Decades ago, it seemed like those who worked from home were artists, pet sitters and writers. Nowadays, business owners and telecommuters in all industries now work from home all the time. And at home they have the same office equipment they would have in a regurlar office environment.

Buying too much in the early stages of your startup can put your new business (and maybe your personal life) into a major crisis. But starting a new business doesnít mean you have to go to the poor house. Here are some tips to help you manage your costs as your embark on new home business adventures.

Buy only what you need
There will never be a time when youíll run out of awesome things to buy, especially when youíre just starting a business or currently running one. New laptops, new phones, new printers, new books and new software are all tempting, and possibly useful. But they are also expensive (for a new business) and everything you buy wonít help to bring in any cash. So, before you think about buying anything, make sure itís something you really need for the business. I know that sounds like common sense, but buying on impulse is also a common mistake and puts you at risk for failing.

Newbies to business are often tempted to buy more than whatís needed, but experienced business owners arenít strong in that department either. To maintain your spending, think how you will use what you want to buy, and how often. Think hard before handing over your credit card.

Make the most of your space
Available space is in short demand in home offices and many small businesses. Personal computers, desks and cabinets barely offer enough space to fit all of your gear, paperwork and work at hand. But with a little ingenuity, you may be able to make the most of it. Include wall cabinets or desk file cabinets to ease space problems. Your local office store should stock a variety of shelves, hutches, and compact furniture to give you everything you need.

Use your closet
Another way to add extra square footage if you work in a small home office is to make it a part of your closet. Remove the door, add shelves, and a table top for your desktop/laptop. Buy a short, reasonably priced cabinet and place it under said table top.

The two file cabinets and door trick
This is an oldie but goodie: use two file cabinets that are the same height, and then place a door on top of them. Youíll have a desk thatís roomy enough to hold a monitor and desktop, at half the price of regular office furniture.

If the file cabinet is too high for you to work from, buy a pneumatic computer chair and something to rest your feet on. Then lift your seat to match the height.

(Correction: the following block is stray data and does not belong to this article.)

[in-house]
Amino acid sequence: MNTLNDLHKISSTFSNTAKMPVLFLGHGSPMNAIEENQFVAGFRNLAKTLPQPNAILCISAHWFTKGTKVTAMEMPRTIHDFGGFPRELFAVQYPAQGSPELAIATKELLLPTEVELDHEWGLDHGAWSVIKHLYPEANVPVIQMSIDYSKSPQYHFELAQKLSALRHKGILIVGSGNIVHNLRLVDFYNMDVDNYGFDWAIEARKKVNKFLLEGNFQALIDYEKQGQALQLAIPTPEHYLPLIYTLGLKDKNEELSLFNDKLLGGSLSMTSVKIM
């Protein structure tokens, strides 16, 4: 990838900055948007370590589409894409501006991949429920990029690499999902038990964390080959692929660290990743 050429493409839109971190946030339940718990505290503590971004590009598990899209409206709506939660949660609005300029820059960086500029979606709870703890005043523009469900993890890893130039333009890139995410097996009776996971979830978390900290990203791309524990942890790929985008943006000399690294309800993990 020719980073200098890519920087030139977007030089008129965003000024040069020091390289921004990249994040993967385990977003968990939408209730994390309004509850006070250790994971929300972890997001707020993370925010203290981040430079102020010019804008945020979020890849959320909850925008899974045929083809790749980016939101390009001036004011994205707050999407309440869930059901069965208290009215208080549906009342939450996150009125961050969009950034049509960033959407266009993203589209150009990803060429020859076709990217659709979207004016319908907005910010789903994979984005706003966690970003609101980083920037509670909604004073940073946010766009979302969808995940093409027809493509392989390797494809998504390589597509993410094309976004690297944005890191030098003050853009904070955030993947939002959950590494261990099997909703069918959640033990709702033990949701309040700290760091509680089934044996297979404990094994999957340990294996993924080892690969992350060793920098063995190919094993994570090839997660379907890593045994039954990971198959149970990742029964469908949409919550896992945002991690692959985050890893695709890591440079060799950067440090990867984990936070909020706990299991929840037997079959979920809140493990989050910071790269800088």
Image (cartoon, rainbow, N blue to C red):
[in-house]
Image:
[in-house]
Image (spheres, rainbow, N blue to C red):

Buy from auctions and garage sales
If you need new thins for your home office, local garage sales are the place to shop to find unheard of bargains. Look in the paper for garage sales being held in upscale neighborhoods. Look out for ads that indicate the family is moving out state. Plan your trip so youíre the first at those sales. If thereís a phone number listed, call ahead and ask if they have what youíre looking for before the garage sale starts.

One manís trash is another manís gold
Office equipment doesnít have to be brand new to be useable. You can find what you need at low prices or even free if you are willing to take equipment that isnít new. You can get all sorts of stuff for free because a company is throwing them out. Ask if you can have it, if they say yes, youíll save at least $100.

Another way of finding used equipment is to look in the phone book. Scan the category of goods you want to buy and look for Used or Refurbished in the ads. Or, look on Craigslist for used items for sale. Keep your ears open for any companies leaving town, downsizing, or closing, too. They may sell you their furniture for next to nothing.

Trade up
One trick you can use is to spot obsolete computers while shopping for office equipment at garage sales. You can buy a computer for $50 and then take it to a computer shop for a $250 trade-in towards a new one.

Or you can buy office furnishings at an auction, and then resell them for a profit at your own garage sale. Now you can use those that money to buy the office supplies you really need.

Recycle or throw out what you donít need
Are you using that old computer collecting dust in the basement? If not, get rid of it. If it has data on the drive you might need in the future, back it up first, or put the computer in another room to remind yourself to get it done.

Go through your filing cabinets before you get another one, too. If youíve been in business for years, youíll be shocked at what you might find. If there are records you may need, but not on a regular basis, place them in a Ziploc bag and move them to an out-of-the way area. Make copies of all your important documents such as your business license, id cards, contracts or other legal information. Put the originals in a safety deposit box and keep photocopies with your other records.

Recycle paper
Odds are that you print out more than enough to keep. To keep expenses low, donít throw out the paper after youíre done with it. Recycle them. Either use the other side for rough drafts, or cut up the paper for youíre your own customized notepads.